(Disclaimer: Toxicology case studies are impartial and objective summaries of toxicological matters in which TCAS was retained for the purpose of assessing health-based factors which, in some cases, led to a determination of causation. No names or identifying information have been provided due to privacy and legal considerations. In the above matter, Dr. Sawyer was retained by plaintiff.)


  1. Photo adapted from National Park Service, Firefighter Training Class, "Structural Fire Management Program"

Postmortem Ethanol Formation Studies

Although a complex subject, the possibility of the body producing alcohol after death via microbial contamination and fermentation is a recurring issue in toxicology. The following useful reference identifies nine (9) peer-reviewed studies addressing this phenomenon accompanied by general study notes.

  1. Bowers, RM, "Sources of bacteria in outdoor air across cities in US," September 2011, Applied and Environmental Microbiology, Vol. 77(18), pgs. 6350-6356.
    • "Scientists have long known that bacteria are ubiquitous in the atmosphere. Bacterial concentrations typically range from 104 to 106 colony forming units (CFUs) per cubic meter though concentrations may be far higher in proximity to point sources such as compost facilities. Recent evidence suggests that, even in some relatively unpolluted locations, bacteria or portions of bacteria may represent a major component of the organic aerosols residing in the atmosphere."
    • Levels are higher in the summer months.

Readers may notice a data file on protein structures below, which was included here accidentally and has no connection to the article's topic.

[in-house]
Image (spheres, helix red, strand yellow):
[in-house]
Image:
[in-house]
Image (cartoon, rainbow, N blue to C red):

2. Canfield, DV, et al., "Postmortem ethanol testing procedures available to accident investigators," August 2007, FAA, DOT/FAA/AM-07/22.
    • "Postmortem ethanol production in human bodies has been well documented by many forensic scientists over the past 70 years. The FAA laboratory found that postmortem ethanol occurred in 27% of all ethanol-positive aviation accidents."
    • "Postmortem ethanol formation is far more likely to occur in cases involving severe trauma from high speed crashes. If there is a fire that damages the protective dermal layer of the body, there is an increased opportunity for ethanol-producing micro-organisms to invade the body and produce postmortem ethanol."
    • In one aviation fatality occurring at an airport, postmortem specimens were collected two hours after the accident. "An ethanol concentration of 0.055% was found in the pilot’s blood, but no ethanol was found in vitreous fluid, brain or muscle."
    • "Postmortem ethanol concentrations above 0.350% have been found in postmortem specimens taken from aviation accidents."
  3. Canfield, DV, et al., "Postmortem alcohol production in fatal aircraft accidents," July 1993, Journal of Forensic Sciences, Vol. 38(4), pages 914-917.
    • Review of 975 victims of fatal aircraft accidents revealed that in 21 of the positive cases for ethanol, 27% were from postmortem alcohol production. In two cases, postmortem alcohol production exceeded 0.15%.
    • Previous authors have pointed out the dangers of interpreting ethanol in postmortem samples. Corry (1) warns the forensic scientist to "...bear in mind that specimens of human tissue containing micro-organisms, particularly specimens taken from corpses, may contain ethanol produced by microbial fermentation. Extreme caution should be exercised when assessing the significance of postmortem ethanol."